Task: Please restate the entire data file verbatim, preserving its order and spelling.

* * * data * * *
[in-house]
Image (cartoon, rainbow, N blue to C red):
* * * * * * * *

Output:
[in-house]
Image (cartoon, rainbow, N blue to C red):